Camp NaNoWriMo and Finding the Time to Write

Gloucester Road new

I’ve had a project in the works for quite a few years now, a by-product of a trip to the UK with my sons to meet their father in Kensington. Such a storied wedge of London! This story languished through various forms and variations, and I felt it was time to fish or cut bait.

The story revolves around a divorced, heartbroken woman, her son, and four men who up-end her life over and over. A mystery, a murder, misinformation, miscommunications, etc. To say any more would give away the plot. I hasten to say this is not an erotic novel with explicit sex or kink. Whew! Glad I got that out.

So cross your fingers for me that this will finally be done at the end of Camp NaNoWriMo.

Now, to the time management of this posting. I’m the worst at time management but am turning over a new leaf. I’ve been using a work/art journal to keep my priorities and time straight. That includes Washi tape and clever stickers which can easily distract someone as distractable as me.

The other productivity (shudder) tool I’m using is something like the Pomodoro Technique, which I’m currently reading. The app I’m using is a Chrome plugin called Strick Workflow which uses 25-minute work bursts followed by 5-minute rests. Repeat. It’s been a huge boost for my writing without the distractions of Twitter Camp NaNoWriMo word sprints.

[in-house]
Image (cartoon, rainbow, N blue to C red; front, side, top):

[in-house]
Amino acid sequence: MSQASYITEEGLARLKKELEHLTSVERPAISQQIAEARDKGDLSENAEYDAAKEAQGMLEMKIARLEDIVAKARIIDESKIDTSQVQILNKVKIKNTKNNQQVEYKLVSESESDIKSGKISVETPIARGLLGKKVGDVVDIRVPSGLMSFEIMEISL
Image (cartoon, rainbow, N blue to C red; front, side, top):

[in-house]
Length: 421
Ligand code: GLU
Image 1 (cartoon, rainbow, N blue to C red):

strick workflow

It’s incredibly helpful and free.

The extension installs a little red tomato in your extensions menu. You click on it to start your 25-minute session and it locks you out of selected web pages. A timer goes off to let you know the time has expired. You click it again to start your “rest” period. And so on. Fun and empowering.

Give it a try for Camp NaNoWriMo!



2 Comments on “Camp NaNoWriMo and Finding the Time to Write

  1. I too am easily distracted. I am going to try this Thank you. Good luck on your camp NaNo

    • Cathy, you’re welcome!

      Thanks for the well-wishes and comments.

      The app shuts off access to SM or other sights while I’m supposed to be working, so it’s great. There’s a book called The Pomodoro Technique which lays out the premise much better than I can. This app borrows the idea and makes it into a pretty painless tool.

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